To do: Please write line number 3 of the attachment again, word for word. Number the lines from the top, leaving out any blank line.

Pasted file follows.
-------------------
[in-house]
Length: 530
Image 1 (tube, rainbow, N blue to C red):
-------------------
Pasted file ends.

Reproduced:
Image 1 (tube, rainbow, N blue to C red):